Monday, 6 August 2012

More chess playing experiences

I always seem to be a week or more behind with updates to my actvities here. Over the weekend of 28-29 July I took part in two chess matches for Hastings & St Leonards Chess Club. In each case I played Black on the bottom board and won my game, though not without making it difficult for myself.

The Saturday match was played in Hove. We travelled by train as a group, although our sixth player failed to turn up, apparently having gone to Warrior Square station instead of Hastings. It was a sunny day, so the walk from the station to the venue, the Bridge Club in Third Avenue, was pleasant. The return journey was not so good since most of us had to stand as far as Eastbourne. In my game I let my opponent have my king's pawn for free, but decided that having my knight on d4 against his backward d-pawn was sufficient compensation. In the end it came down to my having free pawns on each side of the board that I could push towards promotion.

The Sunday match, where I was on board 9, was played in Hastings against the Greater London Chess Club. After a poor start I managed to equalise the position, where the pawns were ranged right across the board in a fixed barrier, and offered a draw which was declined. The only way forward I could see was to execute a knight's tour of seven or so moves to get my knght across the barrier. Meanwhile my opponent tried a knight sacrifice to break through on the king's side. At one point he had two rooks and queen on the h-file while I had the same on the g-file. Fortunately I weathered the attack and, after exchange of queens, broke through  and he fell into a relatively easy checkmate.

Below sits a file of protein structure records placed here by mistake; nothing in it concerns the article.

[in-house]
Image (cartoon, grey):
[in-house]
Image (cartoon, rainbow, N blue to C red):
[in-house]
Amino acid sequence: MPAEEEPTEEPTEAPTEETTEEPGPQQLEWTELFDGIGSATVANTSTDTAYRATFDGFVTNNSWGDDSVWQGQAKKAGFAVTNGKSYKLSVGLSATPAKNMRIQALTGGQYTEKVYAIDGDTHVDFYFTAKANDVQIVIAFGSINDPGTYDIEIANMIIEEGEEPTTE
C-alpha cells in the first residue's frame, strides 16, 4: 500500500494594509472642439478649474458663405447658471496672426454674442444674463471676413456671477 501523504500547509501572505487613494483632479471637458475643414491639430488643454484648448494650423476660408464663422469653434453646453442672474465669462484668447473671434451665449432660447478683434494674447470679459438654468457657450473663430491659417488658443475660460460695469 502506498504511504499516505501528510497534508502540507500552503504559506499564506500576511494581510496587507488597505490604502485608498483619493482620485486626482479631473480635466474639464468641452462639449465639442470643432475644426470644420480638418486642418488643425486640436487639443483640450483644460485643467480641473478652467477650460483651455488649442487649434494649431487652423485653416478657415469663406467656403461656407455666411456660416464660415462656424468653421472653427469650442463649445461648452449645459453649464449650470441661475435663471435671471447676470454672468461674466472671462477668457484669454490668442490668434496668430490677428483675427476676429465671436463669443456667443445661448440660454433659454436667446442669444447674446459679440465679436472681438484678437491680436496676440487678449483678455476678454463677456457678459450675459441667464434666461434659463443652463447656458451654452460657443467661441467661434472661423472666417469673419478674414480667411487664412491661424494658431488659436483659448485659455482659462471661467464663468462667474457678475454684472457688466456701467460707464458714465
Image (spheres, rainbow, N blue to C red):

I've been trying to understand the ECF grading system. It's a puzzle to me why two of my junior opponents are shown as having lower grades than I was given to believe they had when I played them. My grade has gone down from 85 to 79. To improve it seems I need to avoid losing in the third round of tournaments to lower graded players, when I'm tired after hard games against higher graded players.


  1. Hello George. I was reading your very interesting History of Ideas section and was struck by something you said about mankind not becoming any more peaceful in the 21st century.

    It is hardly seems a controversial observation, but then I remembered reading a review of a book which says otherwise. In "The Better Angels of Our Nature: The Decline of Violence in History and Its Causes", apparently Steven Pinker takes 802pp to argue his case.

    I wondered if you had heard of it?

    Paul P., Southampton

  2. Paul, I just noticed this comment. I seem to remember your name from previous correspondence probably on chess or puzzles. Yes I've heard of Pimker's thesis, but imagine his understanding of peacefulness must be different from mine. Though the History of Ideas section is badly in need of updating.